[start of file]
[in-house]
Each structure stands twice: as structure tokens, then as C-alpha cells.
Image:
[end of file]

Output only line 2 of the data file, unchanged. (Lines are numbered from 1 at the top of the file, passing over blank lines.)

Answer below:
Each structure stands twice: as structure tokens, then as C-alpha cells.